Home History Moorefield, West Virginia: Confederate Bastion in the Union State

Moorefield, West Virginia: Confederate Bastion in the Union State

by Enochadmin

Returning to the Shenandoah Valley after collaborating in Lt. Gen. Jubal Early’s raid on Washington, D.C., and the burning of Chambersburg, Pa., each in July 1864, Accomplice cavalry below Brig. Gen. John McCausland and Brig. Gen. Bradley T. Johnson bivouacked within the fields of Moorefield, W.Va. On August 7, Union Brig. Gen. William Averell and his males shocked the Confederates and pushed them again towards the South Department of the Potomac River. The third West Virginia Cavalry charged thrice throughout the river and actually made the Confederates run for the hills surrounding the world. Averell captured 4 cannons, greater than 400 males, and tons of of hard-to-replace horses. “[T]his affair,” Early claimed, “had a really damaging impact upon my cavalry for the remainder of the [Shenandoah Valley] marketing campaign.”

Though largely Southern in sympathy, Moorefield housed whichever troops have been in native management through the Civil Conflict. The Accomplice McNeill’s Rangers additionally operated within the space. As we speak, historic properties, retailers, and eateries line Moorefield’s quaint Primary Avenue, which boasts a handful of Civil Conflict Trails indicators inside blocks of one another. A strolling tour of the world contains not solely Civil Conflict–associated websites, however a number of dwellings that date again to the city’s 18th-century inception, together with the 1786 Higgins Home, owned by Revolutionary Conflict Captain Robert Higgins of the eighth Virginia.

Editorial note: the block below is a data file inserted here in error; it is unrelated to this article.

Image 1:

Guests to the world can even take a brief drive to close by Petersburg, W.Va., which homes the well-preserved filth earthworks of Fort Mulligan, constructed through the latter half of 1863 to guard the South Department Valley from Accomplice forces. A cease atop the bluff the place Maple Hill Cemetery rests gives some spectacular views of the mountains that not solely envelop however adorn the tranquil valleys right here as we speak that, throughout America’s biggest battle, have been stuffed with the cacophony of musket and cannon hearth.


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Moorefield, WV battle website
(Picture by Melissa A. Winn)

Run for the Hills
596 Harness Street

Brig. Gen. John McCausland’s troopers camped on this discipline whereas in Moorefield. On August 7, 1864, Brig. Gen. Bradley T. Johnson’s males forded the river and tried to type a protection right here with McCausland’s cavalry, however they have been outflanked and outgunned. Brig. Gen. William Averell’s troopers chased the retreating Confederates into the encircling hills.

Presbyterian Chruch, Moorefield, WV
Presbyterian Chruch, Moorefield, WV
(Picture by Melissa A. Winn)

Presbyterian Church
109 S. Primary Avenue

The chief of this church, the Rev. William Wilson, and his congregation have been sturdy Accomplice sympathizers. Wilson left city in 1862 to turn out to be a chaplain within the Accomplice Military. Throughout the warfare, either side used the church as a hospital. Union troopers stabled their horses inside and burned pews as firewood.